The next step is to empower children, families and adults to find the multitude of their personal narratives.  Research conducted by Sara and Marshall Duke at Emory University shows that children who have a strong sense of family narrative demonstrate greater self-confidence and resilience than those without.   (“The Stories that Bind Us” New York Times).  Historical contexts of oppression and resilience matter, and connection to those complexities result in empowerment.  How are children to find their family narrative if their family is marginalized and shackled to a single story?


Finally, we must acknowledge that domestic violence exists in our society in part because of the oppression of the single story.  The oppression of women and children has existed since the beginning of human history; not too long ago, women and children were considered property and what happened in the home was private.  We cannot think that such oppression will be eradicated easily.  The WDVN challenges the community to view domestic violence as a confluence of stories about power dynamics and oppression, permeating all elements of historic legacies, life, well-being, family and community.  We ask that members of the community reflect and support every child’s and parent’s right to exist beyond a single story.  The ability to allow for many stories ultimately will foster a community which is strong and empowered in mind, body, and soul.   





The WDVN was founded in 1995 by Sojourn, a project of OPCC. 

***This article was written in 2015.  While the principle of going beyond a single story still holds, the author would like to acknowledge Adichie's problematic statements towards trans women in 2017 which, in fact, lay counter to the intention of this concept.   


The Colors of Self Care


Particularly in the Westside of Los Angeles with our abundance of yoga classes, mindfulness groups and healthcare providers, we are prone to discuss health and well-being. And when considering the deep and difficult work we all do in the non-profit sector, the topic of self care inevitably emerges. Self care, like the yang to the yin of the melody of discontent, has become a new form of modern day feminisim, often bordering on the cult of positivity.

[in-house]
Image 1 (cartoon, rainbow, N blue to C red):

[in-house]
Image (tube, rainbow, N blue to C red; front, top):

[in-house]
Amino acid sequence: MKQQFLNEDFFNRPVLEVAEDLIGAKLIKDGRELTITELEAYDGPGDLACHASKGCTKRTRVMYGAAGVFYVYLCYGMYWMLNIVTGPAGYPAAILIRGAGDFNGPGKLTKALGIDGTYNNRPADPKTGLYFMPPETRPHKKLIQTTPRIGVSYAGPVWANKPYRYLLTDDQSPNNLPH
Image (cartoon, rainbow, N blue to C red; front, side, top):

As a woman of color, particularly a first generation Asian American woman who could feel the reverberation of survival, poverty and hard work from a preverbal state, this dialog of self care made little sense to me. How do we reconcile a state of survival with spa days and bubble baths? And the very idea of the “self” exists as a Western concept in the same way that we create our world maps with the Americas in the center.


We exist in a world where the concept of self is a matter of privilege. By definition, those who hold privilege have the luxury of having a more humane and accurate “self” reflected for you. The Everyman, for example, is, well, a man. Which “selves” are most valued by society and granted the largest portion of humanity? People of color are still relegated to the roles of clowns and criminals in movies, having humanity that much more removed from them. So, how can we then, approach the idea of self care without reference to the intersectionalities of the self? The self as heterosexual, white male exists as a default button of assumptions, leaving the rest of us to translate into a language less spoken.

It wasn’t till I read this Audre Lorde quote, that a door opened and invited me in. “Caring for myself is not self- indulgence, it is self-preservation, and that is an act of political warfare,” (“A Burst of Light, 1988).


Moving the dial on the conversation on self care to include the realities of intersectionalities opened a world to me – permission to explore the self that is worthy of care. The defiance of caring for the self that has historically been devalued as a conscious act, created a expansive landscape before me for which I was invited and willing to explore. The conversation, like so much in the mainly white woman’s movement of feminism felt irrelevant to me until the definitions of the concepts stretched and widened to include the realities of many other movements converging to include whole people and whole communities. If we are to include women of color and communities of color in the feminist movement, we must include multiple issues echoing the sentiment expressed in “Learning from the 60s”, when Audre Lorde states, “There is no such thing as a single-issue struggle, because we do not live single-issue lives.”